Jimmy Skiff II

I just ordered the Jimmy Skiff II hull kit. Previously built: 17' kayak, Skerry, Pocketship, 18' SUP, Teardrop camper. All the sailboats have been sold. I was very happy with all of them but sold them for various reasons (really sorry I sold the Pocketshop though--what a great little cruiser). I am intrigued with the Jimmy Skiff. It looks more stable and easier to sail (I'm 80 now). I also like the slanted daggerboard well. On the Skerry the daggerboard was always floating up. It seems to me the slanted well will prevent that. Also the slant should help it get by debris.

Any thoughts or advice?


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RE: Jimmy Skiff II

   If you haven't already, I'd suggest you get in touch with Terry Ellis at CLC.  He built the prototype JS2 and wrote the manual.  He's a good source for inside info, and he's quite responsive to questions.  Like you, I'm 80, and I'm about half to 2/3 of the way thru building a JS2.  I bought the kit for some of the same reasons you did, and I'm hoping to use it occasionally as a camp cruiser on inland lakes.  I can't provide any feedback yet on how she sails, and I'm anxious to see what other responses you get here. 

RE: Jimmy Skiff II

I bought and built the JS2 because my dog won a $5 raffle.  He won a 2.5hp aircooled outboard motor at a kayak race. We didn't have a boat that could be registered that fit the motor.  That and putting a motor on a canoe .....was just wrong.  Then CLC advertised the JS2 as being built to take a 2.5hp motor and put it on sale.......ordered one. Built it and mounted the motor. It worked. Dog liked it. Had to do a night paddle with the canoe club and didn't have lights so we left the motor and went unpowered, different light rules.  We've done 23mile paddles in the kayaks and been about as tired as we were that night after 5 miles of rowing to keep up.  It is not very paddle fast or stealthy. 

Under motor it acts like a sail boat under power.  The CLC video must be better balanced. Mine has a slight squat, typical of a  sailboat.  Without the dagger board it takes on water through the slot and shoots it up into the boat via the seat.  I made a short plug, ie top of dagger board. 

Sailing hasn't left the shop yet The mast and boom are on the rack. .......I've been distracted.  My sailing expereince has been in varied boats up to 36 ft. But the mast and sail on the Jimmy just looks bigger than any of the other dinghys or skiffs I've sailed. Then again it might be that age thing has slowed/lowered my hutzpah.

RE: Jimmy Skiff II

",,,slowed/lowered my hutzpah,"

Ha!  Good one, Grumpy.  I think it is pretty much universal that all old men suffer from low hutzpah!  ...or somethin'....

Seriously, Jimmy II does have a lot of sail...15% more than the original.  Hey, John Harris likes to crack on sail, he does.  Given a 52" beam and enough rocker to carry 500+ pounds, she won't be any speed demon, especially compared to a bunch of slippery kayaks.  Rowing is the way to carry a load (barring skinny rowing shells); paddling the way for speed.

However, if you are carrying the adult beverages for a gaggle of kayakers, I'll bet they'll wait on you, you think?  <;-)


RE: Jimmy Skiff II

"Grumpy," I thought water might be coming up the db well, same thing happened with my Skerry. Could you please provide more information about the plug you built?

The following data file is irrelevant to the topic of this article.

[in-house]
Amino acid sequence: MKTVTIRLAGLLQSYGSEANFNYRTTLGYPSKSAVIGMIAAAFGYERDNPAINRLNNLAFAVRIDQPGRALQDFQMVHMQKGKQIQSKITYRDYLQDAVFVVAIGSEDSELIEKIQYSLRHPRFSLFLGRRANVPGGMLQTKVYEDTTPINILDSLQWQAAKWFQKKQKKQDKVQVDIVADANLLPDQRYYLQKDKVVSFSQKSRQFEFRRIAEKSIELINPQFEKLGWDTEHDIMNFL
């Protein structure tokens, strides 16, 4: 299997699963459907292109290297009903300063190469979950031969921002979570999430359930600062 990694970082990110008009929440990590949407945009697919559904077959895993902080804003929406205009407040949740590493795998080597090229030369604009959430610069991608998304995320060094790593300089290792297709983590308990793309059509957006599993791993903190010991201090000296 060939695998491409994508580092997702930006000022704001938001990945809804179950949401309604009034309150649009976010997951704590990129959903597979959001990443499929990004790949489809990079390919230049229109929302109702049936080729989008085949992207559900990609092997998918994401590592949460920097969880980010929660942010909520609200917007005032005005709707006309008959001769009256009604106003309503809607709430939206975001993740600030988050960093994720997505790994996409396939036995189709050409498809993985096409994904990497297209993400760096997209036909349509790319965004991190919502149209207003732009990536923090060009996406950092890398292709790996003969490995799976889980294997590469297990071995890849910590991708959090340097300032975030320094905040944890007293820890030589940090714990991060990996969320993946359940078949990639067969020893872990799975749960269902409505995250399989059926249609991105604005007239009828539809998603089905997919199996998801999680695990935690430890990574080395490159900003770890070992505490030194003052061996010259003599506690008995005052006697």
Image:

RE: Jimmy Skiff II

Referring to initial assembly of the daggerboard trunk beginning on p. 65, I would recommend one small change. Coat the inside faces of the spacers with epoxy before assembling the trunk. That would be much easier than trying to coat them later and help ensure you don't miss a spot. You will still have to reach into it to remove any squeezed out glue, but that's it. (If I am wrong for some reason I don't understand, please try to let me know within a day or two so I don't make a mistake.)   

RE: Jimmy Skiff II

OOPS!  Never mind. Somehow I forgot the daggerboard trunk faces I was glassing ARE the inside faces. Sorry about the "brain fart."

RE: Jimmy Skiff II

Damn! I wish it were possible to delete posts. I'm losing it I guess. What I was talking about in the previous post was the spacers, not the sides. So ignore the post just above. I still believe the inside faces of the *spacers* should be epoxied before assembly.   

RE: Jimmy Skiff II


I'm building Pocketship now, but did JSII as my first build. Been sailing her for a couple of seasons and really enjoy. She sails easy, but I feel if more than 1 sob, gets crowded pretty quick. I've not camped in her yet, but should be plenty of room for 1 and light gear. 

If I were planning on camping a lot, I might think about trying to somehow build access to the bow compartment for storage. 

Have fun,


RE: Jimmy Skiff II



   Hi DD,  I built my JSII a few years ago and have been sailing on a lake in NH for almost three summers now.  The proportions are just right.  She moves well under sail with even just a very light breeze.  You need to keep her balanced or on gusts she can dip a rail in the water which you DON't want, but it easy enough if you can move around.  Generally, I use one of the removeable rowing thwarts, and sort of sit on the center line and slide back and forth to the windward side as needed.  She is best with a slight heel to leeward.  I am 68 and can still move reasonably well in her. She is not over canvassed at all.  The offset daggerboard works fine and no leakage around the top. I have rowed her some as well.  I wouldn't call her a pulling boat, but she does row reasonably well.  





RE: Jimmy Skiff II

   "Grumpy," I thought water might be coming up the db well, same thing happened with my Skerry. Could you please provide more information about the plug you built? "............ Just build a daggerboard, but make it six inches long. 


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